Now, I've read other reviews with people hating this book. and this is because of the premise. The whole 'girls being sold as wives to procreate' thing. But I honestly don't see the problem. Sure, the world is a little flimsy, but the actual story is good.I think nit-picking will only make you think about what's wrong with the ideas and not what it's really about, which are the themes.

All I can say really is that they were bothy thrilling, suspenseful, romantic at times and made you really think about the concepts in the book - such as death and time, and what you would have done in their situation.
I think that this dystopian is a great book for teens, young adults and adults alike, and I'm giving it 4.5/5 stars.

The final book, Sever will be out in 2013. And I'm looking forward to it.
Lauren Destefano's Page.
Wither on other reviews.

Day 2- A Quote From my Favourite Book.

The whole Inkheart trilogy is littered with beautiful writing, and choosing just one quote is difficult.
It's especially difficult because I haven't read them in a while.

However, I'll give it a go.

This is a beautiful quote from it. it's very descriptive. and that's exactly what I like.

"They had gone. Had left him alone with all the blue, that clashed with the red of the fire. Blue as the evening sky, blue as cranesbill flowers, blue as the lips of drowned men and the heart of a blaze burning with too hot a flame. Yes, sometimes it was hot in this world, too. Hot and cold, light and dark, terrible and beautiful, it was everything all at once. It wasn't true that you felt nothing in the land of Death. You felt and heard and smelled and saw, but your heart remained strangely calm, as if it were resting before hte dance began again.
Peace. Was that the word?"

Thursday, 6 September 2012

Day 1- My Favorite Book

Inkheart Film Poster (from IMDB)
Well, I have many books that I love.
But if I had to choose it would be Inkdeath by Cornelia Funke.

Inkdeath is the third book in the Inkworld Trilogy (Started by Inkheart, then Inkspell, and finally Inkdeath) by German writer Cornelia Funke (who also wrote The Thief Lord, which was also made into a film, and Reckless, the newest of her books and Reviewed HERE). They are really childrens or early teens books, but I love them.

And the reason Why is this:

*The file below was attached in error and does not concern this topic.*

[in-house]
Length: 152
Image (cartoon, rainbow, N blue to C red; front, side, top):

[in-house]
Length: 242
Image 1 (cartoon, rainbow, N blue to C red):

Cornelia Funke writes in such a wonderful way. There are beautiful descrptions of magical worlds, people and creatures and basically, it's a situation I would love to find myself in.

As an avid book fan, Inkheart opened up an adventure that to me seemed infinitely possible. Characters coming out of a book seemed like on of the best things in the world. I think it did help that I read it when I was quite a lot younger, because there was still a magical wuality about this world, and the child's idea that anything can happen. I hope I haven't lost that really.

The whole series is wonderful, and I would encourage everyone to read it, no matter how old you are. I almost guarantee that you'll love it.
And, the books have some lovely covers.

You can read about the series on Cornelia Funke's website
or, by Visiting Wikipedia
or, if you don't trust my view on the subject, have a look at other reviews on Goodreads.

Inkdeath cover - from Wikipedia.

Wednesday, 5 September 2012

A little Update - The 15 Day Book Challenge

Right now I have an absolutely unruly amount of books to read, all stacked up in a pile in my cupboard. Most have been reccommended to me by my sister or reviews from other bloggers. Or.. just because I wanted to read it.

As I'm currently working my way through the Hitchhikers Guide Trilogy of Five by Douglas Adams(and it might take a little bit, although I am on the last book), I'm going to do a book challenge I found on the internet. So over the next fifteen posts, I will be writing all about books.
Also, don't worry. More reviews WILL be coming soon. Well, as soon as I've finished a new book.

The 15 Day Book Challenge

Day 1- Your favorite book and why
Day 2- A quote from said book
Day 3- Your favorite author and favorite book by them
Day 4- Your favorite book from your childhood
Day 5- Guilty pleasure book
Day 6- If you were stranded on a desert island, what book would you want?
Day 7- Favorite movie adaptation of a book
Day 8- Favorite quote from any book
Day 9- What are you currently reading?
Day 10- Write a review of the last book you read
Day 11- Favorite book you had to read for school
Day 12- Favorite classic
Day 13- Favorite poet
Day 14- Post your favorite poem
Day 15- Recommend 5 books